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OC Register: Angels’ Shohei Ohtani 4th in AL Cy Young voting; Astros’ Justin Verlander is unanimous winner


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The Angels’ Shohei Ohtani finished fourth, behind unanimous winner Justin Verlander, for the American League Cy Young Award, which was announced on Wednesday.

It marked the first time in Ohtani’s five major league seasons that he’d received any votes for the pitching award.

Ohtani won the AL Rookie of the Year in 2018 and the AL MVP unanimously in 2021. He has already been identified as one of the top three finishers for the 2022 MVP, which will be announced on Thursday. New York Yankees slugger Aaron Judge is the favorite.

Ohtani was listed on 29 of 30 ballots, cast by two writers representing each city in the American League. He received nine second-place votes, seven third-place votes, 12 fourth-place votes and one fifth-place vote. Verlander, runner-up Dylan Cease (Chicago White Sox) and third-place finisher Alek Manoah (Toronto) were named on every ballot.

Ohtani’s performance in the voting was a reflection of a season in which he improved across the board as a pitcher. Ohtani won 15 games with a 2.33 ERA and a league-leading 11.9 strikeouts per nine innings. He pitched 166 innings. Ohtani improved from 2021 in all four categories.

The 39-year-old Verlander, who also won the award in 2019 after winning both MVP and the Cy Young in 2011, becomes the 11th player to win it three times. He also won unanimously in 2011.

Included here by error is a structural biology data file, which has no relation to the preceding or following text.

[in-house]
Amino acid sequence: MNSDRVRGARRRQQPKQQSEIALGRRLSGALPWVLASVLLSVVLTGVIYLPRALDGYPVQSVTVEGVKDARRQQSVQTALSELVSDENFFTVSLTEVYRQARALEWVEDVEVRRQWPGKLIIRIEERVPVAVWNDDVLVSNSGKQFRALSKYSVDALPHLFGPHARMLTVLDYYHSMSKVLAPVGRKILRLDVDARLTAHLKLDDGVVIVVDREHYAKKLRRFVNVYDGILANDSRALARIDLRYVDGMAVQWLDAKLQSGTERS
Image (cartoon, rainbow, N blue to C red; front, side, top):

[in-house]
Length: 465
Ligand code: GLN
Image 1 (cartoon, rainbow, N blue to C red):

Roger Clemens holds the record with seven (six in the AL, one in the National League). Randy Johnson won five times (four in the NL, one in the AL) and Steve Carlton and Greg Maddux four times each (all in the NL). Other three-time winners: Max Scherzer (two in the NL, one in the AL), Clayton Kershaw (all in the NL), Pedro Martinez (two in the AL, one in the NL), Jim Palmer (all in the AL), Tom Seaver (all in the NL) and Sandy Koufax (all in the NL).

Verlander led the majors with a 1.75 ERA – the lowest of his 17-year career – after missing almost all of the previous two seasons recovering from Tommy John surgery. His 18 wins led the AL, and he had 185 strikeouts to give him 3,198 in his career, which ranks first among active players. He led the Astros to the best record in the AL, and while the postseason doesn’t count for the award, he got his first career World Series win in Game 5 as Houston beat Philadelphia in six games.

He becomes the fourth AL pitcher with two unanimous victories, joining Clemens (1986, 1998), Martinez (1999, 2000) and Johan Santana (2004, 2006).

Cease was 14-8 and ranked second to Verlander with a 2.20 ERA. He had a career-high 227 strikeouts and went 14 consecutive starts this summer without allowing more than one earned run.

Manoah went 16-7 with a 2.24 ERA in his second season. He had 180 strikeouts and went 4-0 with a 0.88 ERA in his last six starts to help the Blue Jays make the playoffs.

Ballots are tabulated on a system that rewards seven points for first place, four points for second place, three points for third place, two votes for fourth place and one point for fifth place. For full voting results, click here.

More to come on this story.

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